(MENAFN - Khaleej Times) As Europe dithers and the US nervously watches its unemployment rate, a China-led Asian rise is accepted as the new reality.
Less noted is the anomaly of an Asia increasingly integrated with the Chinese economy and militarily more reliant on the US.
At a retreat in Hayman Island, Queensland, for Australian CEOs, a security expert noted that this is the first time in Australia's history that its major economic partner is not concurrently major strategic partner " initially the UK followed by the US.
China has become for Australia, as it has for many nations in Asia Pacific and indeed around the world, especially those engaged in commodity exports, its key engine of growth. Yet Australia has been one of the US's closest strategic and military allies, from World War II to Korea to Vietnam and Iraq. The planned stationing of 2500 US troops in Darwin, reflecting the Obama administration's tilt to the Pacific, is meant to consolidate these ties. The US and China are not belligerents, yet rivalry is growing. Being between the two is uncomfortable to say the least.
There are many hotspots, perhaps hottest of all the South China Sea, which Beijing has declared to be part of its "core interests" with Washington insisting on freedom of navigation. Besides competing claims to resources, there are disputes over nomenclature. The Vietnamese, for example, whose relations with China are among the tensest in the region, resent the name used by the West and perception of giving in to a Sino-centric perspective. The Vietnamese call it the Eastern Sea. In a recent confrontation between Chinese and Philippine vessels in the Scarborough Shoal area, Beijing claims it as part of its territorial waters in the South China Sea. Manila prefers the West Philippines Sea.
Many in the Asia Pacific region regard the concept of China's peaceful rise with skepticism. The Philippines has been a longstanding ally of the US, and even Vietnam, erstwhile enemy, increasingly looks to Washington for protection. Since the end of the Vietnam War in 1975, America's military presence in Southeast Asia has been, on balance, benign and welcome. At the same time, the region's economies have become increasingly dependent on China.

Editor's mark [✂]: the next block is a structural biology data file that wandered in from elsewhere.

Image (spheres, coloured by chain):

At 362.3 billion in 2011 China has recently overtaken Japan as ASEAN's third biggest trading partner, after the EU (567.2 billion) and the US (446.6 billion). However trade between China and ASEAN is growing faster: a 24 per cent recorded increase in 2011. Reflecting this growing relationship, in January 2010 China and ASEAN concluded a free trade agreement " CAFTA. In population terms, it's the world's biggest market and, in GDP, third biggest. The actual physical US military presence in terms of troops in the region is concentrated in Korea and Japan, with small numbers in Southeast Asia " the Philippines, 142; Singapore, 163; and Thailand, 142. However, US influence is being strengthened especially through the American naval Pacific Command. Main ties are with Australia, the Philippines and Singapore with upgraded military with Thailand, Vietnam, Malaysia, Indonesia and Brunei.
Japan's economic dependence on China, with China having surpassed the US since 2008 in becoming Japan's biggest trading partner at over 20 per cent and fastest growing destination for Japanese outward investment is deep. Exports to China " mainly capital and intermediate goods as China emerged as hub of Japan's global supply chain " is a rare dynamic force in an otherwise anemic economy. Japan has also multiple issues with China, including over territory, notably confrontation over the Diaoyu/Senkaku Islands in the East China Sea, and in economic matters, a recent example being China's ban on export of rare earths to Japan required for its high-tech manufacturing industry.
The situation in Asia Pacific is perilous and unsustainable. Under these conditions, it's highly unlikely that robust regional institutions will emerge in the near future. And the fact that much of China's economic prowess depends to a considerable extent on the big American market and investment opportunities put additional wrinkles on triangular US-Asia and China relations. With weak global governance and leadership, the Asia Pacific Region for all its economic success keeps floundering on uncertain seas.
Jean-Pierre Lehmann is Emeritus Professor of International Political Economy, IMD, Switzerland, founder of The Evian Group, Senior Fellow at the Fung Global Institute in Hong Kong, and visiting professor at Hong Kong University